Exclusive Interview with Frank Cottrell Boyce

We are honored to welcome Frank Cottrell Boyce in from the cold to discuss his 3 sequels to Ian Fleming’s (only) children’s book Chitty Chitty Bang Bang. The first—Chitty Chitty Bang Bang Flies Again—was published inOctober 2011. The second, Chitty Chitty Bang Bang and the Race Against Time was released in September 2012 and the third sequel, Chitty Chitty Bang Bang Over the Moon was released on in September 2013.

1. How much of an influence was Ian in your approach to writing the CCBB sequels?

Hugely!! There is so much that is special about the original Chitty. For example the whole family go on the adventure. That’s really unusual in children’s stories = they normally start with the parents being killed! Ian had originally planned to write a lot more about Chitty but died before he got the chance so I felt that I was honouring him by doing that. Also he got the idea for Chitty from watching the real Chitty – Count Zborowski’s famous “monster car” – race at Brooklands. I went to Brooklands and really dug into that era (the count is a big character in my books) – so I was influenced not just by his writing but also by the real things that he had seen and heard. I really did take a walk in his shoes.

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2. Did you learn anything from Ian in general terms about writing?

I love the tone in his Chitty book. The way the narrator explains how things work and so on – gives the whole book a strong sense of a Father talking to his child. Also he has a great eye for detail – especially when it comes to food! Maybe an important part of his appeal is that he notices and relishes these small pleasures – so I’ll be copying that from now on.

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3. Ian famously wrote the original for his son Caspar; were your children an influence and did they give you feedback?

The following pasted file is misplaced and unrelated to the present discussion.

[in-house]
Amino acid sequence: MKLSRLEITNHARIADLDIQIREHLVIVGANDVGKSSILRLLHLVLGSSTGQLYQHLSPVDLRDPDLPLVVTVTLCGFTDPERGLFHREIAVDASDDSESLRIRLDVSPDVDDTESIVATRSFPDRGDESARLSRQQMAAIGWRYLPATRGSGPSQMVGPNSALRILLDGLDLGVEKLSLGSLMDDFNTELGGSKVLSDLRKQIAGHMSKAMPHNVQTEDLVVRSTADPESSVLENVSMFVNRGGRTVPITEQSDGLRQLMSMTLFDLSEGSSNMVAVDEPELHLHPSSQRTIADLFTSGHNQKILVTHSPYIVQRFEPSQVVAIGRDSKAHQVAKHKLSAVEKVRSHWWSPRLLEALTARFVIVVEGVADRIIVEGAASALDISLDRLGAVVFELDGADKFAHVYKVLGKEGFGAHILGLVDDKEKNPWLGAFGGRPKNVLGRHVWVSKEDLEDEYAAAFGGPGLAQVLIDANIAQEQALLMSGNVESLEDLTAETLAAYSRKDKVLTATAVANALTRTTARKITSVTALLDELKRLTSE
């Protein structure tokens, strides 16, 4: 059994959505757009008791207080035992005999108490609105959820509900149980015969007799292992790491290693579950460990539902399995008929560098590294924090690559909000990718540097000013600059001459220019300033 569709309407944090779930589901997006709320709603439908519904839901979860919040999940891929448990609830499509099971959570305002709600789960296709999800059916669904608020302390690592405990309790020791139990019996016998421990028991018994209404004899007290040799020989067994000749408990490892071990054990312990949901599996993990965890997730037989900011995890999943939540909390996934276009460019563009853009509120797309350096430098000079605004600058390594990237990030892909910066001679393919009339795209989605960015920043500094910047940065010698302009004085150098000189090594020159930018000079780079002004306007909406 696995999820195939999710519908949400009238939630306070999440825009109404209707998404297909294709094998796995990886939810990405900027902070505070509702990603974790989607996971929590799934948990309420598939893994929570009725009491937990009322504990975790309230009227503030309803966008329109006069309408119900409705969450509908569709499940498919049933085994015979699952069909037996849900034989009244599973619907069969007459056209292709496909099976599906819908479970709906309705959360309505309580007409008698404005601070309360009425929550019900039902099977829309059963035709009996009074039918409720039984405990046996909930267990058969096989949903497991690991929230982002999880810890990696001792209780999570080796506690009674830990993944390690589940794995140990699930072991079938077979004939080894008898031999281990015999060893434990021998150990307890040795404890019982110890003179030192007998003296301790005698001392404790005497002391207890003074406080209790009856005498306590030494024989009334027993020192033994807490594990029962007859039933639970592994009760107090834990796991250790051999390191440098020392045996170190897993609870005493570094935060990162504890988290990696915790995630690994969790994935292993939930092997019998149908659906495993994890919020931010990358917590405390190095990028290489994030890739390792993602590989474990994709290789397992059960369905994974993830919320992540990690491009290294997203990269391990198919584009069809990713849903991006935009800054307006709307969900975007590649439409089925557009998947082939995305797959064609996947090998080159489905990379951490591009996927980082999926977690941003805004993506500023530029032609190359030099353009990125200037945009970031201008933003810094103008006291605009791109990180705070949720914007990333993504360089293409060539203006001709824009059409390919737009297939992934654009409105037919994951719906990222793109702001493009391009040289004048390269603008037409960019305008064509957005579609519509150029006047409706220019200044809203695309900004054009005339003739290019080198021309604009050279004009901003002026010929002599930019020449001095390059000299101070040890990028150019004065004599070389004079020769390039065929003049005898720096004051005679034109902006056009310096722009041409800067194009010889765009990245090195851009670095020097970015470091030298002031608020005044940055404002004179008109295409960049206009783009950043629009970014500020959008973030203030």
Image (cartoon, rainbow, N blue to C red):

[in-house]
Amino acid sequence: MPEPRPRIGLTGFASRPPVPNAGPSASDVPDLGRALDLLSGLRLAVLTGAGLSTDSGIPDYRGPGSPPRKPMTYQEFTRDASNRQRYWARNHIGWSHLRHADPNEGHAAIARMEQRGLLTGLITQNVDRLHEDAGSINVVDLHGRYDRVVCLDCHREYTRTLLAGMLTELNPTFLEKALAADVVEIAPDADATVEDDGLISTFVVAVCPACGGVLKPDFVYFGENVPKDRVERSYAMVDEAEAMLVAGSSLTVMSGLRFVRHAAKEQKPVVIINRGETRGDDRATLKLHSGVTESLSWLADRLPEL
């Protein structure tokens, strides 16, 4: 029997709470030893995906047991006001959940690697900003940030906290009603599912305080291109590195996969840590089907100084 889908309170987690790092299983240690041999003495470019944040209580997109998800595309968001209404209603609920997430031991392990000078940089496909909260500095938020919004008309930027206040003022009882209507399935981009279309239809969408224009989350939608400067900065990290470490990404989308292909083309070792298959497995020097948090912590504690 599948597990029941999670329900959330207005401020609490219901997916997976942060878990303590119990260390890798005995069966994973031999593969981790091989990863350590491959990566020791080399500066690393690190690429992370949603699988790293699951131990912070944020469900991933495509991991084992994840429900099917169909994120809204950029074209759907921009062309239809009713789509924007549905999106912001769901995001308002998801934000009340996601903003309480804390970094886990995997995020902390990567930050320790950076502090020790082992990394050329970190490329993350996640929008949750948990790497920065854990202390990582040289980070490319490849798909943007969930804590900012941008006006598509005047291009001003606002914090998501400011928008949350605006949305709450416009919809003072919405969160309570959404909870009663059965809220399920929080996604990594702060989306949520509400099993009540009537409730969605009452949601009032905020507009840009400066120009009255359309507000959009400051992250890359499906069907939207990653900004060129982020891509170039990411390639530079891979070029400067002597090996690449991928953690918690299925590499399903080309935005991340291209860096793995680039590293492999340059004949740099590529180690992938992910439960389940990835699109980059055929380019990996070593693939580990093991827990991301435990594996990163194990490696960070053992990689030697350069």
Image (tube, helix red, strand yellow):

Caspar FlemingOh goodness yes!! They read every draft.

They were very vociferous about what they liked and didn’t like. Also they have much better memories so they were able to jump on me if I made any mistakes with the continuity.

I think it was good that they were so involved because after all Chitty doesn’t belong to me = she belongs to the nation. I just had the unbelievable good fortune of being allowed to take her for a spin.

4. Are there any more sequels in the works?

For Chitty? Not from me! The original Chitty came out in three parts and we wanted to do the same again – write a book that came in three installments as a kind of tribute.

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5. You’ve written screenplays, novels and even Olympic ceremonies, which do you find the most challenging?

Screenplays are easier to write, definitely. I always say – it’s much easier to write a screenplay than it is to write a novel but it’s much easier to get a novel published than it is to get a film made!

Incidental Intelligence

Screen Shot 2014-11-10 at 3.40.04 PMFrank Cottrell Boyce is the author of several well-known books for children including Framed, Cosmic and Millions, which was adapted into a film by director Danny Boyle. Boyce is also a successful screenwriter, whose credits include Hilary and Jackie, Welcome to Sarajevo, 24 Hour Party People, The Railway Man and Doctor Who.

He has recently achieved fame as the writer for the 2012 Summer Olympics opening ceremony. Cottrell-Boyce has won two major British awards for children’s books, the 2004 Carnegie Medal for Millions, which originated as a film script, and the 2012 Guardian Prize for The Unforgotten Coat, which was commissioned by a charity.

Learn more about Frank

Learn more about Chitty Chitty Bang Bang

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